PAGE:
June 1, 2007
The wake of the mid-term elections of 2006 seemed like prime-time for Congressional ethics reform. In the aftermath of the ever-growing Abramoff scandal and other
Congressional black eyes, U.S. voters named in exit polls "corruption" one of the biggest factors in their ballot-casting. After the Democratic ascension to power in both Houses promises were made. Indeed, incoming Speaker of the House Nancy Pelosi began her tenure with this promise:
"Our first order of business is passing the toughest Congressional ethics reform in history. This new Congress doesn't have two years or 200 days. Let us join together in the first 100 hours to make this Congress the most honest and open Congress in history."
Ethics rule changes did follow immediately in the House new limits on gifts, meals and travel provided by lobbyists. But making changes to the interplay between money and politics is difficult and can't be accomplished by rules changes alone. Last year more than $2.5 billion dollars was spent on direct lobbying. That doesn't count the vast sums in campaign contributions lobbyists help raise. And on both sides of the aisle and among interest groups and businesses alike there has been opposition to many of the proposed changes.
But the public's opinion doesn't seem to have mellowed, according to a Harris poll from March, 2007: 79 percent of American adults think political lobbyists have too much power and influence in Washington and 84 percent think big companies have too much power and influence. There are a number of issues, each with their own nomenclature in play disclosure, earmarks, bundling, the revolving door, Astroturf. How much has the new Congress kept its promises?
> More about ethics reform from Public Citizen.
The House Bill
In late May 2007 the House of Representatives passed a bill, "The Honest Leadership and Open Government Act of 2007." According to ethics watchdogs like Public Citizen's Joan Claybrook, the House delivered in some respects, especially in the matter of disclosure of lobbying tactics like "bundling" in which one lobbyist solicits checks from many donors for one candidate or campaign which was addressed in a separate measure. The new bill calls for disclosure of such monies and the lobbyists providing them immediately and online.
But in the final mark-up some reforms were excised. The bill proposal which would instate a two-year "cooling-off period" on the "revolving door" in which ex-members and their staffers move from Capitol Hill to jobs with lobbying firms, was cut under pressure. According to Public Citizen: of members of Congress who left office between 1998 and 2004, 43 percent went on to become lobbyists - 42 percent of ex-House members and 50 percent of ex-Senators.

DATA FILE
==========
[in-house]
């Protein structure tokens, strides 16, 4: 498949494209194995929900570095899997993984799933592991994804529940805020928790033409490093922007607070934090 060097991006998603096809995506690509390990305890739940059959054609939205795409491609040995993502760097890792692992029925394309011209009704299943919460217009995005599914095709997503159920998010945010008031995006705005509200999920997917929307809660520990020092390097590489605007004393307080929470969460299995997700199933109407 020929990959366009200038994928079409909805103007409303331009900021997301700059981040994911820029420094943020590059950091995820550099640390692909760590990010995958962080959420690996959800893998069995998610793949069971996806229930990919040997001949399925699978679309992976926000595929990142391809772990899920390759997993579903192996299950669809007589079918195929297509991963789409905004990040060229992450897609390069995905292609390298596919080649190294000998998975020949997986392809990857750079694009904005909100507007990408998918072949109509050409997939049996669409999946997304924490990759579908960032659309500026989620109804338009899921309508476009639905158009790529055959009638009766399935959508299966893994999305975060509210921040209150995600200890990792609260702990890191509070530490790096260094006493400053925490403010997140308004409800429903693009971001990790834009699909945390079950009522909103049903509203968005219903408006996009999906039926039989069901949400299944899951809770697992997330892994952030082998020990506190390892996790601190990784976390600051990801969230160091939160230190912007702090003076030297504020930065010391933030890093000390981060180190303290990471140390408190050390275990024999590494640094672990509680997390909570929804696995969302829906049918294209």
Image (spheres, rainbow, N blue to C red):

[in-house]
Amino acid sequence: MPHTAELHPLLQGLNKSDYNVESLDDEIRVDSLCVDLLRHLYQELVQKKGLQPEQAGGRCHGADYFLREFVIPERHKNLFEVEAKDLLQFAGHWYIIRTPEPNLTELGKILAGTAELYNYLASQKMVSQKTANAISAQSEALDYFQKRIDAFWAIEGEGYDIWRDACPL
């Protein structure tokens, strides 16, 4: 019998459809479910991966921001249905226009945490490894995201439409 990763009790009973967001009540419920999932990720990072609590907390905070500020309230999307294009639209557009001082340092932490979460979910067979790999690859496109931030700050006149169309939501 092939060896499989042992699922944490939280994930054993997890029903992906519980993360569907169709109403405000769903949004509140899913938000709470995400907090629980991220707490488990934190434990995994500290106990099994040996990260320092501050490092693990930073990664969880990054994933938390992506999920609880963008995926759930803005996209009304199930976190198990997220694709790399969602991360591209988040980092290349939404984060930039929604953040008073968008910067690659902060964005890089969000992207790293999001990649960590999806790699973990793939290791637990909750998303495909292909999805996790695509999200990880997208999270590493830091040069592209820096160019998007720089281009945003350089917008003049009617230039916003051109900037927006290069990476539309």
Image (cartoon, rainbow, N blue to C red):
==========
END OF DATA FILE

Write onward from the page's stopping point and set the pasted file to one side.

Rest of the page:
Lobbying reform advocates also faulted the bill for not addressing the issue of "Astroturf" or "grass-roots" lobbying efforts paid for by lobbying firms. But that criticism was also leveled at the Senate ethics bill passed in January.
The Senate Bill
The Senate bill was also a mixed bag for reformers in addition to not addressing Astroturf, a proposal to create an Office of Public Integrity didn't make the final cut. But this bill does ban gifts from lobbyists and organizations that hire lobbyists and prohibits most gratis travel. The bill also extended disclosure rules on fundraising and bundling and outright bans lobbyists from hosting events to "honor" individual members. And, in the Senate Bill, the revolving door two-year cooling offer period prevailed.
Here too, disclosure regulations are strengthened especially in the case of earmarks. The bill requires that earmarks for federal agencies and private parties must be disclosed...and posted on the member's own Web pages.
Of course what results from Joint Committee action on these several bills remains to be seen.
> More about following the legislative process from Public Citizen.
New Tools for Following the Money...and the Votes
There's a new tool online which helps further illuminate the relationship between money and votes. Maplight.org is developing an database which combines all campaign contributions to U.S. legislators with legislatorsí votes on every bill, using official records from the Library of Congress Web site and the nonpartisan Center for Responsive Politics. Visitors to the developing site can track how much the pharmaceutical industry contributed to each Senator voting Yes, and voting No, on an amendment to prohibit consumers from buying prescription drugs from abroad.
On the Web site for the group Sunlight Foundation you will find a number of tools developed to make Congress a more transparent entity for American citizens. Among their projects: an interactive Earmark Map which lets you track such appropriations by zip code! And, Congresspedia, "the "citizen's encyclopedia on Congress" that anyone including you can edit.